ISIS Atrocity Videos: Training the Next Generation

According to recent news reports from CNN and the Christian Science Monitor: ISIS groups are teaching young children about their cause using particular kinds of videos. These videos display beheadings of hostages, among other atrocities.

What kind of group would find this is a good idea? We know the answer to that question. The answer is that only a group of deprived, chaotic, and enraged human beings would subject its children to such images. The purpose of these images is to terrify children, induce traumata, and generate PTSD (Post-Traumatic Stress Disorder). Within the aura of PTSD one cannot think; one cannot discern past from present, one cannot distinguish former enemies from friends and family.

Why would that be these parents' goals? Because they themselves live in permanent states of excitation, trauma, and rage. That rage may have many sources. For some it may be experiences of the wars that have swept across Iraq and Syria these past decades. For others it may be particular to their own stories and their own families.

While the sources of this excited rage are variable, the consequence is the same: an addiction to violence and to perpetuating terror in others. In that hyper-aroused state spreading their addiction to terror to their children and to others by social media is a form of pleasure. That guarantees another generation of traumatized, unthinking children who if not helped will grow up to mimic their elders. Among the millions of young people around the world who view ISIS atrocity videos a few will find them fascinating. In the bloodshed and triumphalism celebrated in these videos they will find a solution to their fragmentation and yearning. They are called out of individual despair to lives of heroic sacrifice for the good of a 'religious' ideal. Suicide in a lonely apartment is shameful and ignored by the world; suicide as a godly warrior is, ISIS says, heroic. It is an act of martyrdom broadcast across the world.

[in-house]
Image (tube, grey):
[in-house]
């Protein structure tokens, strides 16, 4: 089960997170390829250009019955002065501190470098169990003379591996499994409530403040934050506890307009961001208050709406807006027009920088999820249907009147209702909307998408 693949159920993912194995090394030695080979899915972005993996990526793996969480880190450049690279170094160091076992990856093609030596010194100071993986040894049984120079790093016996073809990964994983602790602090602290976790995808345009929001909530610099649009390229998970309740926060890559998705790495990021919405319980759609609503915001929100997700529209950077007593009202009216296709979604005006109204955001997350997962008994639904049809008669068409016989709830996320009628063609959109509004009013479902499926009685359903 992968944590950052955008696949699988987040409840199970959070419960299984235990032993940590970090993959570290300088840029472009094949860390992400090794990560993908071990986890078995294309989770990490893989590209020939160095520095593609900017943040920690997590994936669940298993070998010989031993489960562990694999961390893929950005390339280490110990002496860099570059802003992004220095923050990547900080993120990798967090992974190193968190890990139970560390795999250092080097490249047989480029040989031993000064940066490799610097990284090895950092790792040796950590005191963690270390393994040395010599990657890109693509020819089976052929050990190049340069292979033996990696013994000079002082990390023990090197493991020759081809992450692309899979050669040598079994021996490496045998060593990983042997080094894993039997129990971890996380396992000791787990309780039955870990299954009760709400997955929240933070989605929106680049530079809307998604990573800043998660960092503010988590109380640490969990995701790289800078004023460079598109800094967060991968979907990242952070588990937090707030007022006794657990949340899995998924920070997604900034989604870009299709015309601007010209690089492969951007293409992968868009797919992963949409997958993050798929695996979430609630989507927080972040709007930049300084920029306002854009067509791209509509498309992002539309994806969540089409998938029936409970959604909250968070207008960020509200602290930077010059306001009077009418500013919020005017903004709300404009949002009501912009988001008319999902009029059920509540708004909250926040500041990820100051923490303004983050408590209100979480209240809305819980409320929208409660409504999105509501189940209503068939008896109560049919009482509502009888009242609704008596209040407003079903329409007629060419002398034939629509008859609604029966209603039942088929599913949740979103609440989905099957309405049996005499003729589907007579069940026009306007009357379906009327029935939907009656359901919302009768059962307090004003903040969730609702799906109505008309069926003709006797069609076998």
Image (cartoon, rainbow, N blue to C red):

No doubt there are specific grievances felt by some members of ISIS. However, the most visible feature of ISIS propaganda is their love affair with violence. This helps account for their fascination with atrocity videos, including videos that show them doing heinous actions. Unlike typical war criminals, who hide their crimes, ISIS broadcasts their actions. These are brilliant, even if perverse advertisements for ecstatic relief. Atrocity videos are the inverse of spiritual healing; they are designed, with great skill, to deepen the wounds of the viewers. Most of us find them ghastly; we feel sorrow, disgust, and yearning for revenge: we want to destroy those who delight in killing the innocent. Propagandists have always known this. Typically one nation ascribes atrocities to its enemies: their enemies attack the innocent; their enemies profane what is holy; they desecrate bodies. To undo those crimes we must go to war. In contrast, ISIS's propagandists celebrate perpetrators not victims of atrocity.

This helps explain the success of their propaganda efforts. By producing new generations of traumatized children who grow up to be enraged adults ISIS perpetuates itself. By inducing fascination in those who yearn to shed blood and to die for something greater than themselves ISIS draws thousands of young people to its war.

Atrocity propaganda has a third, important value for ISIS. By displaying its criminal treatment of innocents it induces some people to condemn everyone remotely tied to the religion of Islam. In that way a tiny fragment of a great world religion magically speaks for the hopes and dreams of 1 billion normal people. When Westerners react to ISIS as if it were genuine Islam they strengthen ISIS. Primitive thinking that generates atrocity provokes primitive thinking in us. By claiming to be devout Muslims ISIS propagandists compel some non-Muslims to sink into an equally primitive error: ISIS 'Muslims' are cruel, therefore all Muslims must be cruel and untrustworthy. When millions of people share that error ISIS records its greatest triumph. We cannot deny ISIS's ability to distort the minds of some chaotic, young people; we can deny them the ability to distort our thinking.